Yasiel Puig's Demotion May Mean He'll Never Again Wear Dodgers Uniform

Jacob Shafer@@jacobshaferFeatured ColumnistAugust 3, 2016

WASHINGTON, DC - JULY 20:  Yasiel Puig #66 of the Los Angeles Dodgers looks on during the game against the Washington Nationals at Nationals Park on July 20, 2016 in Washington, DC. (Photo by Rob Tringali/SportsChrome/Getty Images)
Rob Tringali/Sportschrome/Getty Images

Yasiel Puig is a good baseball player.

With all the acrimony and controversy swirling around the Los Angeles Dodgers right fielder, it's easy to lose sight of that fact. But it's a fact, nonetheless.

And yet, it's been a while since results were consistently there for Puig.

Now, the mercurial Cuban's career in Dodger blue is on life support after the team optioned him to Triple-A on Tuesday, per Ken Gurnick of MLB.com.

The move came after protracted trade speculation, as Gurnick outlined:

Puig's demotion culminates two weeks of drama and intrigue, beginning with a reported tight hamstring, followed by more than a week of limited playing time and trade rumors. According to his agent, Puig was told that he would be traded Monday, and if he wasn't and the Dodgers acquired an outfielder, Puig would be demoted.

The Dodgers acquired a right fielder at the trade deadline, landing Josh Reddick along with southpaw starter Rich Hill from the Oakland Athletics.

And sure enough, Puig was demoted.

It's a steep, vertigo-inducing fall for a guy who was one of the game's most exciting stars just a few seasons ago.

Puig's star has fallen precipitously since his 2013 debut.
Puig's star has fallen precipitously since his 2013 debut.Nick Wass/Associated Press
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Puig arrived with a bang in 2013, posting a .925 OPS in 104 games and finishing second in National League Rookie of the Year voting. The following year, he was an All-Star and top-20 NL MVP finisher.

In 2015, however, Puig appeared in just 79 games while dealing with injuries and inconsistency, posting a career-low .758 OPS.

His problems extended beyond normal growing pains. In December 2015, Bleacher Report's Scott Miller painted a picture of a player teetering on the brink:

Tucked somewhere among the salacious stories of [Zack] Greinke tossing Puig's suitcase off the bus and onto a street in Chicago, ace Clayton Kershaw allegedly advising the Dodgers front office this winter to dump the outfielder and third baseman Justin Turner almost getting into a fight with Puig last spring looms one of the biggest questions facing the Dodgers for 2016:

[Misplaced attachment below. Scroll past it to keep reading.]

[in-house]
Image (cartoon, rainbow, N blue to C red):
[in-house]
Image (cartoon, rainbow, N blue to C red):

Is the relationship between Puig and his teammates inside the Dodgers' clubhouse irreparably broken?

Not everyone thought it was. Veteran first baseman Adrian Gonzalez, for one, came to Puig's defense at the time.

But one former Dodger didn't mince words.

"He is the worst person I've ever seen in this game," the unnamed player said, per Miller. "Ever."

That may sound like hyperbole sparked by Puig's brash, bat-flipping antics. The old school clashing with the new school, with predictably cantankerous results.

But the preponderance of evidence leans toward Puig being a polarizing clubhouse presence.

That's fine when you're producing. When you're not? That's a different story.

So as Puig struggled with career lows in on-base percentage (.320) and slugging percentage (.386) in 2016, the ill will apparently festered.

And then, a 25-year-old preternatural athlete with five-tool potential found himself ticketed for bus rides in the minor leagues.

Before that, the Dodgers put Puig on the trading block, per Fox Sports' Ken Rosenthal, but didn't receive an acceptable offer.

So they sent him down, unceremoniously, despite the fact he hit .308 with an .830 OPS since returning from a hamstring injury in June.

Clearly, Los Angeles had reached the end of its rope with Puig.

Reddick is only a rental, yet the club seems prepared to cast aside a man who looked like a franchise building block a few short years ago—even, it's worth noting, in the midst of a tight divisional race with the archrival San Francisco Giants, when a few hot weeks from Puig could make all the difference.

One former teammate called Puig "the worst person I've ever seen in this game."
One former teammate called Puig "the worst person I've ever seen in this game."Christian Petersen/Getty Images

The next logical step is for the Dodgers to put Puig on waivers to see if they can move him before Aug. 31. Sports Illustrated's Jay Jaffe, among others, listed Puig as a leading waiver candidate. If that doesn't happen, look for Los Angeles to aggressively shop him over the winter amid a weak free-agent class.

It's easy to imagine a curious club taking a flier. Again, Puig is just 25. He's only recently removed from results that teased superstar possibilities. And he's locked into an affordable contract that pays him less than $20 million through 2018.

Plenty of players his age are figuring out the majors—forget lighting them on fire.

In a way, Puig is like a comet that burned fast and bright across the sky. The question is: Will he crash to Earth or streak across the heavens again?

Puig's tenure with the Dodgers is likely coming to an end one way or another.

But he's still a good baseball player. Surely that will be enough for someone, somewhere to give him a second chance.

    

All statistics accurate as of Aug. 2 and courtesy of MLB.com and Baseball-Reference.com unless otherwise noted.

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